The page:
The only remaining case decided in the United States courts to which we shall advert is that of United States v. Distillery No. Twenty-eight. In that case Judge Gresham adds to the view of Judge Blodgett, in United States v. Mason, the further suggestion, that as in a proceeding in rem the owner is not a party, he might be compelled by a subpœna duces tecum to produce his books and papers like any other witness; and that the warrant or notice for search and seizure, under the act of 1874, does nothing more. But we cannot say that we are any better satisfied with this supposed solution of the difficulty. The assumption that the owner may be cited as a witness in a proceeding to forfeit his property seems to us gratuitous. It begs the question at issue. A witness, as well as a party, is protected by the law from being compelled to give evidence that tends to criminate him, or to subject his property to forfeiture. Queen v. Newell, Parker, 269; 1 Greenleaf on Evid., §§ 451-453. But, as before said, although the owner of goods, sought to be forfeited by a proceeding in rem, is not the nominal party, he is, nevertheless, the substantial party to the suit; he certainly is so, after making claim and defence; and, in a case like the present, he is entitled to all the privileges which appertain to a person who is prosecuted for a forfeiture of his property by reason of committing a criminal offence.
We find nothing in the decisions to change our views in relation to the principal question at issue.
We think that the notice to produce the invoice in this case, the order by virtue of which it was issued, and the law which authorized the order, were unconstitutional and void, and that the inspection by the district attorney of said invoice, when produced in obedience to said notice, and its admission in evidence by the court, were erroneous and unconstitutional proceedings. We are of opinion, therefore, that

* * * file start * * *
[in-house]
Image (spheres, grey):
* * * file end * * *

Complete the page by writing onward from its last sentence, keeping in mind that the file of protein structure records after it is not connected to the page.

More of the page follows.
The judgment of the Circuit Court should be reversed, and the cause remanded, with directions to award a new trial.
MR. JUSTICE MILLER, with whom was the CHIEF JUSTICE, concurring:
I concur in the judgment of the court, reversing that of the Circuit Court, and in so much of the opinion of this court as holds the 5th section of the act of 1874 void as applicable to the present case.
I am of opinion that this is a criminal case within the meaning of that clause of the Fifth Amendment to the Constitution of the United States which declares that no person “shall be compelled in any criminal case to be a witness against himself.”
And I am quite satisfied that the effect of the act of Congress is to compel the party on whom the order of the court is served to be a witness against himself. The order of the court under the statute is in effect a subpœna duces tecum, and, though the penalty for the witness’s failure to appear in court with the criminating papers is not fine and imprisonment, it is one which may be made more severe, namely, to have charges against him of a criminal nature, taken for confessed, and made the foundation of the judgment of the court. That this is within the protection which the Constitution intended against compelling a person to be a witness against himself, is, I think, quite clear.